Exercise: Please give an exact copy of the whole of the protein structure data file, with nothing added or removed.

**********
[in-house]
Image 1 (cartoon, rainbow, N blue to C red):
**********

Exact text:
[in-house]
Image 1 (cartoon, rainbow, N blue to C red):